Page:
The Constitution Unit is leading a Working Group on Unification Referendums on the Island of Ireland composed of academics from London, Dublin, Belfast, and the United States. The Working Group released its interim report in November and is now working on a final report. In this post, the Working Group’s Project Manager and Research Assistant Conor J. Kelly explores how the group gathered evidence, as well as the challenges of examining this issue during a pandemic, and in a divided society.
Purpose of the project
The Working Group on Unification Referendums on the Island of Ireland is examining how any future referendums on whether Northern Ireland should become part of a united Ireland or remain part of the UK would best be designed and conducted. Under the Northern Ireland Act 1998, the Secretary of State for Northern Ireland is obliged to call such a vote if a majority for a united Ireland appears ‘likely’. If such a vote does happen, it will be vital that the process is designed and conducted well. The goal of the Working Group is to stimulate thinking on how this would be done.
Assembling an expert team
The first step was to assemble a diverse team of experts with insight on the legal, political, sociological, and historical elements of a question of this magnitude. These diverse perspectives created valuable awareness of both the possible and probable parameters of any future process of decision-making around the unification question, balancing both legal and political considerations. I feel that the ability to lay out legal realities alongside contextual analysis of the politics that might be at play is a major strength of the Working Group. As an early career researcher and a PhD student myself, working alongside such an esteemed group of academics has been an invaluable professional experience.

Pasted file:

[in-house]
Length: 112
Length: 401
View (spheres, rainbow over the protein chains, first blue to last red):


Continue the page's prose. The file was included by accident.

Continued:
Researching existing literature and material
One of my main tasks has been to trawl through scholarly literature, reports, manifestos, and other policy documents in search of concrete proposals for the referendum process or the form of a united Ireland. Though this issue has in various forms dominated Irish (and often British) politics since the 19th century, surprisingly little has been written on different constitutional models and processes which might be undertaken. There has been more work in recent years, particularly by the Ireland’s Future and Constitutional Conversations groups, and in Justice Richard Humphreys’ book Beyond the Border. But despite these interventions, many of the issues which would need to be resolved were a referendum or a united Ireland ever to happen have scarcely been explored. There has been substantial commentary on a border poll in the media, but this is a fast-moving debate, without a detailed or agreed landing point.Continue reading